I try not to read or get into debates on hefty issues (abortion, global warming, politics, euthanasia, religion, etc.) online. The majority of the time, the people arguing know very little about what they’re talking about and they don’t know how to debate in a mature, intelligent way. They throw around insults, use terrible language, cite unreliable sources, and generally prove that they’re not a good champion for their cause – whatever that cause might be.

I think that, no matter what your stance is on a particular issue, that you should try to understand the other side, even if you don’t agree with it and can’t possibly fathom how people can believe it. At least make an attempt to see where the other person might be coming from – and don’t resort to stereotypes. “Oh, you’re a Democrat, so you must be a pot-smoking hippie.” “You’re a Republican, so you must be a religious bigot.” People have many different reasons for believing what they believe, and stereotypes are never correct 100 percent of the time.

A lot of the time, people don’t seem to understand that very, very few of these Internet debates are going to get the other person to miraculously change their mind and “convert” to the other side. From what I’ve seen, Internet debates end up getting everyone on both sides angry. What’s the point of arguing if you’re not going to get the other person to understand and you’re only going to get frustrated? To me, it’s just a waste of energy and time.

About a month ago, I made the “mistake” of posting my opinion of a political book on one of my own blogs (not this one). Almost immediately, someone from the opposing side of the issue began to attack me and question my views. It seemed like all they wanted to do was argue and pick a fight, so I stayed out of it. I never asked to argue. I never wanted a debate on the subject. I was simply stating my opinion about a book I had enjoyed. If someone else’s opinion is going to irritate you that much, stop reading. Don’t attack the other person simply because their views on one subject might differ from yours.

What saddened me about that situation was that when I visited that other person’s blog, it seemed that they had a lot in common with me – we both liked writing and reading, and we had similar backgrounds. Had the circumstances been different, we probably would have been friends.

That’s why I don’t like to post about hefty issues. I don’t like starting arguments that will more than likely lead nowhere. Respect that the other person’s opinion differs from yours for whatever reason, and simply agree to disagree. If you claim to have an open mind on a variety of subjects, then read about both sides of the issue. Seek to understand first, then to be understood. Shouldn’t that be common sense?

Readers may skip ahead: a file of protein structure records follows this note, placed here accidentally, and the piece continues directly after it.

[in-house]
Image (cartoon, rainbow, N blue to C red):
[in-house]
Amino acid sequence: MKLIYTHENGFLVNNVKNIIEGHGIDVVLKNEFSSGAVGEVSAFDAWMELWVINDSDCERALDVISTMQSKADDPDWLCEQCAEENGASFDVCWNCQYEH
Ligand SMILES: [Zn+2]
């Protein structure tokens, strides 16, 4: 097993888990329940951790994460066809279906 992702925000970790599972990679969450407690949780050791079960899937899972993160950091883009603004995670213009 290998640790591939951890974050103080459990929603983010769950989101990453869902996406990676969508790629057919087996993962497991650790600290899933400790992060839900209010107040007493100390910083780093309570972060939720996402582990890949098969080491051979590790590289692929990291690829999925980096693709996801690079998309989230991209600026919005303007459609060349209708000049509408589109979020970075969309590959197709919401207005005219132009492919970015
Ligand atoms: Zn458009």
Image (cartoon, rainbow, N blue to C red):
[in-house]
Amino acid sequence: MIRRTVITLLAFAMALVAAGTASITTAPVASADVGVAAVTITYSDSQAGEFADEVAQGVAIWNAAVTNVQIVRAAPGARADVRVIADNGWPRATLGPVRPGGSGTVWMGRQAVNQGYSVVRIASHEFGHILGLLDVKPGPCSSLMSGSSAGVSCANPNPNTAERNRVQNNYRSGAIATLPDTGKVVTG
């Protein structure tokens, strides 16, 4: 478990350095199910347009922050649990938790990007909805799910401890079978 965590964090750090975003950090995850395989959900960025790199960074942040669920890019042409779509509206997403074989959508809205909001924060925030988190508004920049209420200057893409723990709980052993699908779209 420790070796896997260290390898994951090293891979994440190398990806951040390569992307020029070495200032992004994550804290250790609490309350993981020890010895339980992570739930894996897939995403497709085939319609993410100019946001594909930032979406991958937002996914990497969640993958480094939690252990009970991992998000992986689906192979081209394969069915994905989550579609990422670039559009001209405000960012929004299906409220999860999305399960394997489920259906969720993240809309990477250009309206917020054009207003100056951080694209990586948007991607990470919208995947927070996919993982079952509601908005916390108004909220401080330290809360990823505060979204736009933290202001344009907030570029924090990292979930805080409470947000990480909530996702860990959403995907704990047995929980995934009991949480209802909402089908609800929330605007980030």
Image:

14 thoughts on “Understanding

  1. Definitely. Sometimes people knock on my front door and start ranting on about the proof of the existence of God. I just listen to them and then when they’ve eventually finished, I tell them I’m a Christian (which I am). They then say sorry and go to the next house. But I guess I wasn’t annoyed of the fact that they were bugging me, but of the fact that if I wasn’t Christian then they weren’t respecting my views at all.
    A lovely post.


    • Jehovah Witnesses come to my house about once every few months or so. I listen also, and then tell them I’m Catholic, but they still keep coming to my house. I just don’t like how some people are rude to them and slam the door in their face. There’s no reason to be disrespectful, even if you aren’t interested in what they have to say.


  2. First: it’s sad that the other person just wanted to argue.

    Second: you have more than one blog, and you’re posting here five days a week, AND working on multiple novels? Wowzers.

    Third: I never commented on your post about the Catholic something-or-other changing (see how informed I am/how much I pay attention), but I meant to comment that I thought it was well done, in good taste, and I learned something from it. While I wouldn’t always want to read posts that dip into politics and/or religion and/or social issues, it can be refreshing.


    • That other blog is personal and it’s mostly pictures, so it doesn’t take long to maintain. 🙂

      Thank you, Beth!


  3. There are a lot of people who look for a fight, and they like the internet because there’s less chance of getting punched in the nose. 🙂

    Some have sincere beliefs and like to get a rise out of people who think differently. Some will take whatever position they think will cause the most furor (trolls).

    It’s not always that way, though, and in those situations — when people are reasonable — you can learn a lot (I wrote a story about that, in fact). But, like you, I start by being cautious, because the general tendency seems to be for things to go badly.


    • The anonymity of the Internet can turn people into something they definitely wouldn’t be in real life. It’s quite sad.


  4. On the topic of rational discussions vs. picking fights, you might be interested in this post on Stephen Watkins’ blog, where he talks about how some of the most visible proponents of self-publishing make their points with some very provocative (and, to many people, offensive) analogies.


  5. I agree with many of the comments made to this post…some people in this world love to argue so much that they don’t even care what the argument is about. I’m so glad that you are able to see past it!


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